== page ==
8th July 2020

As a child living in idyllic Mission Beach in North Queensland with her close-knit family, Kathryn Dorante didn’t really know what she wanted to do when she grew up.  But she knew it would involve empowering her people.

Now, after five years at QUT, four years as a paid intern, and two amazing international trips, the Torres Strait Islander woman is closing in on her ambition to become a human rights lawyer.

Kat will complete her double degree in business and law next year and already works part-time as an intern at a Brisbane commercial law firm.


A double degree is hard work but, for Kat, the rewards have already been plenty.

“I originally chose a double degree for employability, and QUT had a great reputation for both law and business, as well as work integrated learning,” she said.

“I always felt like I’d chosen the right degree but, as I’ve progressed through it, my decision has made even more sense.

Kat at the UN Peace Summit in Bangkok.

“I wanted real world learning and overseas experiences that would help shape my future and I’ve had two amazing international opportunities through uni.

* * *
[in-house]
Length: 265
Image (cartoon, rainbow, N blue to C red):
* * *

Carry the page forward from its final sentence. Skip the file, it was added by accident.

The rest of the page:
“I was one of 10 law students chosen to represent QUT at a UN Peace Summit in Bangkok earlier this year in February and it really opened my eyes to global human rights issues.

“And in 2018 I did an exchange semester at Dalhousie University in Halifax, Canada, with the help of a bursary from QUT, which also counted as credit toward my degree.

On exchange in Canada.

“I think one of the major benefits of going overseas is the ability to expand your world view and learn from other countries. It is an opportunity to see how other people live and what they value. There is so much beauty in the world and it really is a privilege to be able to travel so frequently.”